Searching for more details about Khan Abdul Ghaffar Khan’s journey to Qadian, I was led to the book Ghaffar Khan: Ghadar ya Muhib Watan (Ghaffar Khan: Traitor or Patriot), written by Javed Ahmed Siddiqui and compiled by Shabal Publications, in January 1988. On page 91 of this publication, in reference to Khan Abdul Ghaffar Khan’s journey as a student in Campbellpur, it is written:
“We [Abdul Aleem and I] took admission (in Campbellpur) and started living in the boarding [school]. There, someone mentioned Qadianis to me and praised them, so we left for Qadian [for studies and enrolled in a boarding school there]. In those days [Hazrat] Hakim Nuruddin Sahib was the khalifa.
“[Once,] we went to visit him. We were impressed by his simple, sincere, lively and loving words. He was a great scholar and a man of high moral character.As we sat there, [Hazrat] Mirza Ghulam Ahmad’s son [Hazrat Sahibzada Mirza Bashiruddin Mahmud Ahmadra], who later became the amir [Khalifa] of this jamaat, came [when we were meeting with Hazrat Maulvi Nuruddinra]. In those days, he was studying in a college. We sought permission to leave and went back to our boarding school [in Qadian]. Every student there was talking about the same thing:
ابن مریم كى بات كو چھوڑو
اس سے بہتر غلام احمد ہے
“Meaning, ‘Forego the mention of Mary’s son; better than that is the servant of Ahmad’. To hear this was unfamiliar to us. The students there took us to Bahishti Maqbarah. As we became more aware of the condition here [in Qadian], our amazement continued to increase.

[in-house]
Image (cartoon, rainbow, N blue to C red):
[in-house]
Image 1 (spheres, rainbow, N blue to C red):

“I dreamed at night that there was a big well and I was about to fall into it, but a white-bearded man saved me from falling into the well and told me to be careful.
“The next day, when we woke up, I told [my friend] Abdul Aleem about this dream. He had also seen a similar dream. So, we decided to return to Peshawar the next day; he enrolled into a school, and I made my way to Aligarh.”
Historical sources of the Jamaat do not explicitly mention Khan Abdul Ghaffar Khan’s arrival and stay in Qadian; nor is it easy to determine the year and month of his brief stay as many people from far and wide used to turn and come to this honourable hamlet. Also, Hazrat Sahibzada Mirza Bashiruddin Mahmud Ahmadra was not educated in any worldly institutions. He did not possess any degree from worldly institutes or colleges; however, Hazrat Sahibzada Mirza Bashir Ahmadra did.
One must remember that dreams require interpretation. Many are aware that this world and its attractions are like a beautiful, deep well which becomes a form of imprisonment for materialistic individuals. The Holy Quran and ahadith point to the fact that Prophets of Allah are sent to pull human beings out of the dark, deep wells of this transient world mankind has plunged itself into. There is also a discrepancy in the events of his dream in the abovementioned references.
Lastly, we must bear in mind that living in the hamlet of Qadian was not easy for any worldly person, nor is it clear from the abovementioned books and references that Khan Abdul Ghaffar Khan disliked Qadian.
Regarding the blessed land of Medina, it is narrated on the authority of Hazrat Jabirra bin Abdillah that a Bedouin pledged allegiance to the Holy Prophetsa and embraced Islam, but he caught a fever whilst in Medina. He then went to the Holy Prophetsa and desired to cancel his pledge. The Holy Prophetsa replied, “Medina is like a furnace, it eliminates impurities (of a bad person) and selects the good ones and purifies what is good.”
Perhaps it is in this context that the chief of martyrs, Hazrat Sahibzada Abdul Latifra said:
“Only he who often recites Durood Sharif and loves the family of the Promised Messiahas can live comfortably in Qadian.”